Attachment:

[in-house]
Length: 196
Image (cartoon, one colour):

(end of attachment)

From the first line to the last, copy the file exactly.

[in-house]
Length: 196
Image (cartoon, one colour):